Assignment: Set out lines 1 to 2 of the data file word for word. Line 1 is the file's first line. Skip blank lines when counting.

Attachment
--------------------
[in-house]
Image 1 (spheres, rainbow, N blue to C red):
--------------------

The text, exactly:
[in-house]
Image 1 (spheres, rainbow, N blue to C red):